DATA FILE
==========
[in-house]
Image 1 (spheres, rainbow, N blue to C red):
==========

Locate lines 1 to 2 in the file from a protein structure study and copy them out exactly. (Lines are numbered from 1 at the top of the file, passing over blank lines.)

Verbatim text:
[in-house]
Image 1 (spheres, rainbow, N blue to C red):